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Philips, Bank of America Announce Plans to Improve Global Access to Clean Cooking Technologies

Philips and the SNV Netherlands Development Organisation have partnered to improve access to clean cooking solutions in Africa by introducing clean and efficient household cook stoves to rural communities across the continent. Bank of America, Deutsche Bank and the Global Alliance for Clean Cookstoves (GACC) announced separate plans to raise $100 million to help provide clean cooking solutions to millions of people worldwide.

The Philips-SNV partnership aims to improve the health and wellbeing and income of rural populations while having a direct positive impact on the environment. It will include research, community education and access to financing for adopting clean cooking technologies.

For the last 3 years, Philips has invested in the design and manufacturing of an innovative fan driven cook stove that can improve the lives of those who rely on wood or biomass for their daily cooking. These specially-designed cook stoves can reduce smoke and carbon monoxide emissions by more than 90 percent compared to an open fire, reducing the health risks of indoor cooking. The cook stove uses pellets, wood or other biomass for cooking in a healthy, environmental friendly and fuel-efficient manner. Philips is testing different financing and go-to-market models to ensure that this solution become accessible to people that would not be able to afford them otherwise.

SNV has invested in research to learn which cooking solutions are the healthiest, most economical, user- and eco-friendly. The primary purpose of Philips and SNV’s partnership is to increase access to these products, as well as further research and promote clean cooking solutions.

Bank of America has experience in financing clean cooking solutions in developing countries; it financed CleanStar Mozambique in 2011, an innovative sustainable bioethanol fuel and cookstove venture that is displacing charcoal. CleanStar has already sold 35,000 clean stoves in Maputo, Mozambique. The bank arranged financing using compliance market carbon credits that helped to crowd-in equity and debt from investors.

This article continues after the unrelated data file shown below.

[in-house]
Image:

Previously, Bank of America partnered with The Nature Conservancy to promote energy efficient cookstoves to reduce deforestation in Yunnan Province, China. The new partnership with GACC comes as part of the bank’s Catalytic Finance Initiative announced at the United Nations Climate Summit in September, which commits to catalyzing at least $10 billion of capital toward investments in renewable energy, energy efficiency and energy access.

According to the World Energy, some 2.6 billion people still depend on traditional cook stoves or open fires for cooking and heating their homes, which have significant averse health and environmental impacts. Every week, 75,000 people – mostly women and children – get sick or die from inhaling smoke. Each day, 3.9 million tons of fuel wood are burnt, contributing to the daily loss of 200 km2 of forest. Although there are cleaner and more efficient cooking solutions available, communities in rural areas often don’t know the benefits of clean cooking alternates or can’t access or afford to invest in them.

Social enterprises such as Envirofit International are already developing and disseminating clean cook stove technologies aimed at reducing pollution and enhancing energy efficiency in developing countries. Last year, the company joined the UN-supported anti-poverty program Business Call to Action (BCtA), with plans to reduce greenhouse gases by 193,500 tons of carbon through the sales of 150,000 clean cookstoves across Kenya in within two years.

In 2013, Marks & Spencers (M&S) became the first major company to sign on to UNICEF’s carbon offset project, which aims to improve the health and lives of children, while drastically cutting carbon emissions, in developing areas. This year M&S kick-started the project by funding the manufacture, sale and maintenance of 40,000 fuel-efficient, low-pollution cook stoves by local entrepreneurs in Bangladesh. The new stoves are being sold to low-income families from over 2,000 villages across Bangladesh.


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